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NFIB COVID-19 Survey: Small Business Recovery Working Towards Pre-Pandemic Levels

May 24, 2021, 07:13 AM
Filed Under: Industry News

The NFIB Research Center released its latest COVID-19 survey on the impact the pandemic has had on small businesses. This survey is NFIB’s 17th survey in the series. Included in this edition is an update on small business SBA programs, paid sick or family leave, supply chain disruptions, sales levels and more.

“Many small businesses have taken advantage of the SBA programs devoted to helping small employers during the COVID-19 pandemic,” said Holly Wade, Executive Director of NFIB’s Research Center. “Now that many of those programs are wrapping up, small businesses are turning their attention back to their normal daily operations. It is crucial that Congress and the Administration don’t enact policies that will hurt the small business recovery.”

Key findings include:

SBA Programs:

The vast majority (82 percent) have submitted a PPP loan forgiveness application for their 2020 PPP loan.

  • Eleven percent responded that they were not ready to apply yet and 8 percent were ready, but their lender was not accepting applications yet.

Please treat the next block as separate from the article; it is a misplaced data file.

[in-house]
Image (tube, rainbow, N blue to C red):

As the Consolidated Appropriations Act of 2021 expanded the PPP deadline, about 15 percent of those small business owners who did not receive a 2020 first-draw PPP loan applied and received one in 2021.

  • Thirty-seven percent of those who received a first PPP loan in 2020 received a second PPP loan in 2021.

Among small business owners who have not yet applied for a first PPP loan, 7 percent are still planning to apply.

  • Eleven percent are still considering if they will apply.
  • The remaining 82 percent are not planning to apply for one.

Of those who have received a first PPP loan but have not applied for a second, 10 percent are planning to apply for one and 16 percent are considering it.

  •  Some of those still waiting to apply are likely holding off until they are certain their first PPP loan forgiveness application is successfully processed and finalized.

General awareness of the Employee Retention Tax Credit (ERTC) has increased over the last month, but unfortunately most small employers are unfamiliar with the credit.

  • Only 8 percent of small business owners are very familiar with the ERTC and another 41 percent are somewhat familiar.
  • Fifty-two percent of small business owners are not at all familiar with the ERTC.